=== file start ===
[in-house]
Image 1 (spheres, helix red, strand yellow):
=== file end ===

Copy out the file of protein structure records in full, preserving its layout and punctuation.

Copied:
[in-house]
Image 1 (spheres, helix red, strand yellow):